Calf Rehab Exercises | Sydney Sports Medicine Centre - Education

6 Figtree Drive Sydney Olympic Park NSW 2127

Calf Muscle Rehabilitation


Main muscles trained:


Gastrocnemius and soleus

Suitable for rehabilitation from:


  • Achilles tendinitis
  • Medial tibial pain
  • Plantar fasciitis

Two different variations of the standard calf raise are used to ensure optimum benefit to both gastrocnemius and soleus. The straight-knee version concentrates the training effect on the large gastrocnemius: this portion of the calf attaches above the knee and so is lengthened when the knee is straight. Longer muscles can produce more force. In the bent knee version, the effectiveness of the gastrocnemius is reduced with the shortened muscle position, thereby placing a greater work load on the shorter soleus. Both versions of the exercise are performed upon a step in order to achieve a full range of motion in the ankle joint.

Progression:

Begin with the double-leg versions at the start level of sets and reps. Progress to the target level sets and reps. Once this can be accomplished at RPE six to 7 out of 10 move on to the single-leg versions, again at the start level. Once target is achieved, add load using the rucksack.
Exercise
Start sets x reps
Target sets x reps
2 x 10 each leg
3 x 20
2 x 10 each leg
3 x 20
2 x 10 each leg: 10 kg rucksack
3 x 20 each leg: 40 kg rucksack
3 x 20 each leg: 10 kg rucksack
3 x 20 each leg: 40 kg rucksack

Technique and range of motion

Please pay attention to the details, particularly those defining the required range of motion.

Calf raise, double, straight leg


Start position:
  • Stand with the balls of your feet on a step or stair.
  • Rear half of the feet are off the step.
  • Stand with your knees completely straight.
  • Stand upright with good posture: tummy in, chest out and shoulders back.
  • Place your fingers on a wall or stair rail for balance.
  • Do not lean or place your weight on to your hands as this will reduce the effectiveness on the calf muscles.

Movement:
  • Lower your heels until you feel a small stretch in your calf/Achilles.
  • Slowly – for a count of two – push up on to your toes.
  • Push all the way up, evenly, placing weight through both your big and little toe joints. This helps you to plantarflex the ankle with good alignment.
  • Maintain good posture throughout the movement.
  • Slowly lower down – for a count of three – until you feel the stretch; then continue.

Calf raise, double, bent leg

Start position:
  • Stand with the balls of your feet on a step or stair.
  • Rear half of the feet are off the step.
  • Do a ‘knee squat’ bending down until your knees are about 40 degrees flexed.
  • Hold the knee squat position with your knees slightly ahead of your toes and hips above your heels.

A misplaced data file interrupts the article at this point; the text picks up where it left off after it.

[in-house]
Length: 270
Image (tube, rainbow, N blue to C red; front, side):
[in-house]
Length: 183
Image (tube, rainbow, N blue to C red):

• Set your upper body upright with good posture: tummy in, chest out and shoulders back.
  • Place your fingers on a wall or stair-rail for balance.
  • Do not lean or place your weight on to your hands as this will reduce the effectiveness on the calf muscles.

Movement:
  • As for straight leg, except:
  • It is essential to maintain the knee squat position throughout.
  • If you allow the knee to extend as you push up on to the toes you will significantly reduce the effectiveness of the exercise.
  • Use your quads to brace the knee squat position at 40 degrees.
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Calf raise, single, straight leg


Start position:
  • Stand with the ball of one foot on the step/stair.
  • Stand with your knee completely straight.
  • Bend your other knee so your leg does not get in the way.
  • Stand upright with good posture using ‘fingertip’ balance as above.
  • Set pelvis using your core muscles.
  • Ensure pelvis is level and that you do not lean or place weight on one hand.

Movement:
  • As for double-leg, except:
  • As you push up on to the toes, ensure you do not ‘hitch’ the hip.
  • It is even more essential that you do not lean or place weight on to your hands.

Calf raise, single, bent leg


Start position:
  • Stand with the ball of one foot on the step/stair.
  • Perform a single knee squat as described above.
  • Hold the 40-degree knee bend position.
  • Bend your other knee so your leg does not get in the way.
  • Stand upright with good posture, using ‘fingertip’ balance.
  • Set pelvis using your core muscles.
  • Ensure pelvis is level.

Movement:
  • As for double leg, except:
  • As you push up on to the toes, ensure you do not ‘hitch’ the hip.
  • It is even more essential that you do not lean or place weight on to your hands.
  • Remember – no cheating by extending your knee. Calf raise, single plus load
  • Perform the exercise with a rucksack on your back.
  • Bottles of water, sandbags or weights in the rucksack increase the load on the calf muscles.
  • 10kg in the rucksack will be a significant increase in body weight.
  • Progress by adding 10kg up to 40kg total load.
  • If you do have access to a barbell, feel free to use this instead!
  • With the increased load, pay extra attention to pelvis, ensuring it remains level throughout

  Sydney Sports Medicine Centre
Level 2, NSWIS Building
6 Figtree Drive
Sydney Olympic Park
NSW 2127

   02 9764 3131      

Written Correspondence
PO Box 3275
Rhodes NSW 2138


  (02) 9764 3443

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